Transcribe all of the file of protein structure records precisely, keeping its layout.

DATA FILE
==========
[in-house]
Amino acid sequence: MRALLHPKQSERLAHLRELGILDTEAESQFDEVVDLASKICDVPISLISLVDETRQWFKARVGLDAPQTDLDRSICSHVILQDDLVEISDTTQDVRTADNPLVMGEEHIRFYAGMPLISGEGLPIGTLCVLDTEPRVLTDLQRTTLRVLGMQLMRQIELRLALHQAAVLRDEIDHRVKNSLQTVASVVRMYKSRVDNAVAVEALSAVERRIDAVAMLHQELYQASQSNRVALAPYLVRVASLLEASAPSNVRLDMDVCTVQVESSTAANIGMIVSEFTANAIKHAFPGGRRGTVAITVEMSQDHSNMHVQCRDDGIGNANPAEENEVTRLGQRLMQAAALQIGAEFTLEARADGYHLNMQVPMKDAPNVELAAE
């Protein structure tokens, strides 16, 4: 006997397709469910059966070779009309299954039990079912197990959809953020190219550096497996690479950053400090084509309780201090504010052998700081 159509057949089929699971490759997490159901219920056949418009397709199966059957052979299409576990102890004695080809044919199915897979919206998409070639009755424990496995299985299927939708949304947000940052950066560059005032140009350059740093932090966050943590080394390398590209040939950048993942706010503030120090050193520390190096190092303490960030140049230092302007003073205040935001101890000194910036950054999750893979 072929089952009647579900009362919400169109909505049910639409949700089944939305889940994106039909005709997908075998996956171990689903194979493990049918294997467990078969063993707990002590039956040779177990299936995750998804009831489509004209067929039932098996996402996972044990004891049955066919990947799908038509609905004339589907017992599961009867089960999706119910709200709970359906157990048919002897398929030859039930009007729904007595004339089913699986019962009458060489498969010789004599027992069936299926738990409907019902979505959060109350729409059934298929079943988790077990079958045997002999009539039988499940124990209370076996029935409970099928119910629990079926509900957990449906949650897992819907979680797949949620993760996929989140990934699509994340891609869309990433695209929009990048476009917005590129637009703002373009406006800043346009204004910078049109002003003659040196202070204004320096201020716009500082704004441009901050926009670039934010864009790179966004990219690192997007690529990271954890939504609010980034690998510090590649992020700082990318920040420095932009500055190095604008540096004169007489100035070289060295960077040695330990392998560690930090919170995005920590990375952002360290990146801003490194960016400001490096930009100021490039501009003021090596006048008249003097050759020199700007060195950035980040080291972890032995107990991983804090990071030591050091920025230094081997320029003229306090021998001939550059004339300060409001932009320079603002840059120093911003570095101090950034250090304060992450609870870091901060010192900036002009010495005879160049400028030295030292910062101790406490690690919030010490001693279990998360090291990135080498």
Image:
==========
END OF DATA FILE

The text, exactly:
[in-house]
Amino acid sequence: MRALLHPKQSERLAHLRELGILDTEAESQFDEVVDLASKICDVPISLISLVDETRQWFKARVGLDAPQTDLDRSICSHVILQDDLVEISDTTQDVRTADNPLVMGEEHIRFYAGMPLISGEGLPIGTLCVLDTEPRVLTDLQRTTLRVLGMQLMRQIELRLALHQAAVLRDEIDHRVKNSLQTVASVVRMYKSRVDNAVAVEALSAVERRIDAVAMLHQELYQASQSNRVALAPYLVRVASLLEASAPSNVRLDMDVCTVQVESSTAANIGMIVSEFTANAIKHAFPGGRRGTVAITVEMSQDHSNMHVQCRDDGIGNANPAEENEVTRLGQRLMQAAALQIGAEFTLEARADGYHLNMQVPMKDAPNVELAAE
């Protein structure tokens, strides 16, 4: 006997397709469910059966070779009309299954039990079912197990959809953020190219550096497996690479950053400090084509309780201090504010052998700081 159509057949089929699971490759997490159901219920056949418009397709199966059957052979299409576990102890004695080809044919199915897979919206998409070639009755424990496995299985299927939708949304947000940052950066560059005032140009350059740093932090966050943590080394390398590209040939950048993942706010503030120090050193520390190096190092303490960030140049230092302007003073205040935001101890000194910036950054999750893979 072929089952009647579900009362919400169109909505049910639409949700089944939305889940994106039909005709997908075998996956171990689903194979493990049918294997467990078969063993707990002590039956040779177990299936995750998804009831489509004209067929039932098996996402996972044990004891049955066919990947799908038509609905004339589907017992599961009867089960999706119910709200709970359906157990048919002897398929030859039930009007729904007595004339089913699986019962009458060489498969010789004599027992069936299926738990409907019902979505959060109350729409059934298929079943988790077990079958045997002999009539039988499940124990209370076996029935409970099928119910629990079926509900957990449906949650897992819907979680797949949620993760996929989140990934699509994340891609869309990433695209929009990048476009917005590129637009703002373009406006800043346009204004910078049109002003003659040196202070204004320096201020716009500082704004441009901050926009670039934010864009790179966004990219690192997007690529990271954890939504609010980034690998510090590649992020700082990318920040420095932009500055190095604008540096004169007489100035070289060295960077040695330990392998560690930090919170995005920590990375952002360290990146801003490194960016400001490096930009100021490039501009003021090596006048008249003097050759020199700007060195950035980040080291972890032995107990991983804090990071030591050091920025230094081997320029003229306090021998001939550059004339300060409001932009320079603002840059120093911003570095101090950034250090304060992450609870870091901060010192900036002009010495005879160049400028030295030292910062101790406490690690919030010490001693279990998360090291990135080498």
Image: